Country Report Qatar

Economic Overview

The economy demonstrated strong resilience in the final quarter of 2017 despite the ongoing economic blockade, with output expanding 1.8% in annual terms, just shy of the third quarter’s 1.9% rise.
The fourth-quarter print reflected a solid performance from the non-hydrocarbon sector, particularly in construction-related activity which more than offset a drop in production in extractive industries.

Industrial production continued to improve in annual terms in January while exports increased markedly in February on the back of higher hydrocarbon shipments, leading the trade surplus to expand at a rate of over 20% year-on-year.
In addition, the banking system remains in good shape, reflected in healthy capitalization levels, stable private sector credit growth and the gradual return of non-resident deposits.

Qatar’s economic freedom score is 72.6, making its economy the 29th freest in the 2018 Index.
Its overall score has decreased by 0.5 point, with steep drops in the government spending and monetary freedom indicators outweighing higher scores for government integrity and investment freedom.

Qatar is ranked 2nd among 14 countries in the Middle East and North Africa region, and its overall score is above the regional and world averages.

Key sectors in Qatar

Industrial Sector

The industrial sector in Qatar is one of the most important strategic pillars of sustainable development.
It is considered to be one of the major players in diversifying national income, and subsequently, reducing dependence on oil and gas as the main component of GDP.

Investment and Banking Sector

The sector provides a well-organized workspace for concluding financials deals and agreements and satisfying demand on money when it arises. Among these institutions are banks, saving funds, investment houses, insurance and re-insurance companies and securities markets.

Trade Sector

The Trade sector stands for the mutual exchange of goods, services or both.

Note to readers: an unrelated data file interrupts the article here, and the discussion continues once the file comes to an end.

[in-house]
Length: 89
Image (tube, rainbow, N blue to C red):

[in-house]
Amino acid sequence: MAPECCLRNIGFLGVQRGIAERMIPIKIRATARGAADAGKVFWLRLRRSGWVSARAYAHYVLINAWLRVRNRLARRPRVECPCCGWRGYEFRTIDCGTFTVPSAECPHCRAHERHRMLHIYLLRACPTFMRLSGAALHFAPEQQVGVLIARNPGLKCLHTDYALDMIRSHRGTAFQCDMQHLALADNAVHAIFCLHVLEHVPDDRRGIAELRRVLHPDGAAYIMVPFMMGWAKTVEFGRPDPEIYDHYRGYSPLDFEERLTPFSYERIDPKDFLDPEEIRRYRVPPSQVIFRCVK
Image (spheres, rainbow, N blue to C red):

Construction Sector

The state of Qatar boasts a thriving construction and real estate sector that caters effectively to the enormous infrastructure and urban planning projects in the country.
Its huge contribution has assisted in the global positioning of Qatar as a rapidly developing forward thinking nation, and a seat of architectural excellence.

Cultivation Sector

It caters for the food needs and requirements of the whole community. It is capable of achieving self-sufficiency of food products and food security which is one of the most crucial issues relating to community welfare and prosperity, as well as satisfying its basic needs.

Service Sector

This sector is considered to be one of the fast growing economic sectors in Qatar, a key example being the telecommunications sector.

Taxes in Qatar

Personal Tax

There is no tax on personal per capita income.
This means that employees take home their wages and salaries without any tax deducted.

However, an individual who exercises any type of commercial activity with the intention of gaining income is required to pay tax according to the Companies Tax law.

The total income of Qatari and GCC nationals resident in Qatar is exempted from paying tax. Resident is defined as anyone who owns a permanent accommodation in the State of Qatar, or stayed in for more than 183 days continuously or intermittently during (12) months, or his vital interests are linked to Qatar.